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Decisions of the Superior Courts of New South Wales, 1788-1899

Doe dem. Taylor v. Little [1840] NSWSupC 11

land law, title, ejectment

Supreme Court of New South Wales

Willis J., March 1840

Source: Australian, 12 March 1840

(Before Mr. Justice Willis, and a common jury)

            Doe dem Taylor; v. Little - This was an action of ejectment brought to recover possession of certain premises situate in Kent-street, Sydney. The plaintiff put in a deed of grant of the premises in question under the hand and seal of the Captain General and Governor Sir George Gipps, dated 7th May, 1838, which granted the premises to him as heir at law of Mary Ann Green, deceased. Mr. Windeyer, for the defendant, took various legal objections to the deed of grant itself, as a ground for nonsuit. His Honor thought there was great weight to be attached to the learned gentleman's argument, but he would not decide, by his single veto, a case of so much importance, as it affected every landed proprietor in the colony. He was glad to see such a point raised for solemn argument, because, if there wanted any thing to make such title conclusive, the defect being shown, would, no doubt, be supplied by the government. The learned Judge then reserved every objection that could be taken upon the face of the grant, as to a nonsuit being entered for the defendants, and the case then proceeded upon the merits. It appeared that the mother of the lessor of the plaintiff held the premises in her original right, and afterwards intermarried with one John Green, a man under sentence of transportation for life. During Mrs. Green's coverture with her second husband, the premises were mortgaged, and subsequently sold by the sheriff under a writ of fieri facias, the defendant becoming the purchaser. Not feeling himself satisfied with the sheriff's title, the defendant subsequently procured a conveyance of the property from Green, but the plaintiff, Taylor, the heir at law of Mrs. Green, went to the Court of Claims, and obtained, through that channel, a deed of grant for the premises. The learned Judge summed up for a verdict for the plaintiff, wishing to leave the deed of grant unimpeached until the case came for argument under the points reserved before the full Court. The jury, however, found for the defendant. Counsel for the plaintiff, Messrs. Foster and Checke - for the defendant, Mr. Windeyer.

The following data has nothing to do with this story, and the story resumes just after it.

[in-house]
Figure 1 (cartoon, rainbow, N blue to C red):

Published by the Division of Law, Macquarie University